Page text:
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West Slopes North - Canadian Border to Skagit River

Issued: 6:00 PM PST Wednesday, February 20, 2019
by Andrew Kiefer

Northerly winds on Wednesday night may be strong enough to transport the recent snow and create fresh wind slabs. Leeward slopes 35 degrees and steeper will be the most dangerous. Continue to evaluate snow and terrain carefully as a buried persistent weak layer still lingers.

Danger Scalei
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  • Low (1)
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Snow and Avalanche Discussion

The recent storm brought 8in (.35in SWE) of very low-density snow to the Mt. Baker area on Tuesday night. Observers in the Bagley Lakes area on Wednesday reported the new snow to be cohesionless in wind sheltered areas. A few shallow slab avalanches (D1) released naturally within new snow in very steep terrain. Fresh wind slabs and blowing snow were visible at the highest elevations. With clearing and sunshine in the morning, small loose avalanches were reported in steep rocky terrain. Loose wet activity may continue on steep solar aspects. Strong northerly winds should blow overnight on Wednesday, and a clear, cool, calm day is expected Thursday.

The new snow buried a weak old snow surface comprised of facets, crusts, and surface hoar. On Wednesday, not enough of a slab was sitting on this layer for it to be a significant concern. But, with winds in the forecast Wednesday night, and more snow expected by the weekend, a cohesive slab may build incrementally. Track this layer closely - it may become a lasting problem.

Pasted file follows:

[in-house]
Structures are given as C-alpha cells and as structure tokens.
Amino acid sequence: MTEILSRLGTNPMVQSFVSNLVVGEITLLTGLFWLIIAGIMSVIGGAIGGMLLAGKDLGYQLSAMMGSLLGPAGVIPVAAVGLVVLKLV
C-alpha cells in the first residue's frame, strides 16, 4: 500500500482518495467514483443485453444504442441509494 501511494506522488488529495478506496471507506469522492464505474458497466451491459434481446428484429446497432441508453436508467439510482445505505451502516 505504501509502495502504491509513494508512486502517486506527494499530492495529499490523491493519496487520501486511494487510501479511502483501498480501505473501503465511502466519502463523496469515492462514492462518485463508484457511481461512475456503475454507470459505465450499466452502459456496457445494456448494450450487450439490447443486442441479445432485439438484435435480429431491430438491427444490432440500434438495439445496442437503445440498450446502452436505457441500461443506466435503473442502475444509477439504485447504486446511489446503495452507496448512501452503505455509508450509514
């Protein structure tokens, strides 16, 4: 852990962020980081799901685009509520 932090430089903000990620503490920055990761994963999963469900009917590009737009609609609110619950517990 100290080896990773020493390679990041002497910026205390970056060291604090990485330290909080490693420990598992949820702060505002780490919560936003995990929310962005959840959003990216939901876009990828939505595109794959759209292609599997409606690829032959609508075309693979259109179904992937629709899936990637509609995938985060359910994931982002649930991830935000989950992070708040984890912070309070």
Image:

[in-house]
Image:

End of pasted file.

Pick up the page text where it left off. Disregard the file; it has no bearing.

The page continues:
Feathery surface hoar (6-8mm) found in the Twin Lakes/Hwy 542 area. 02/17/19 Anjin Herndon Photo

Avalanche Problems for Thursday

Wind Slabi

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Photo for Wind Slab

Natural Wind Slab (2/17/2019)

Plenty of low-density snow is available for transport. So far, very little wind has accompanied the new snow, except at the highest elevations. Winds may blow the strongest overnight on Wednesday and form fresh slabs in leeward terrain near and above treeline - be careful, these fresh slabs could form on weak old snow surfaces. Old wind slabs still exist under the new snow, but are becoming stubborn to trigger. Look for signs of wind transported snow such as textured snow surfaces, drifting, or fresh cornices. If you see these features, expect wind slabs on nearby slopes. The new snow may remain unconsolidated in wind sheltered and lower elevation areas - watch for loose dry avalanches.

 

Persistent Slabi

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Observations over the past week targeting the buried persistent weak layer have been highly variable. It appears our persistent slab problem is isolated and is becoming stubborn to trigger. Continue to dig down to investigate this layer buried 2-3 feet below the snow surface. On colder shaded slopes, the culprit seems to be buried surface hoar. On sunnier aspects, we are finding small facets over a crust. Obvious signs of instability such as collapses or shooting cracks have been uncommon. Digging in the snow is the best way to define where this layer may be problematic.

 

February 19th, 2019

Recap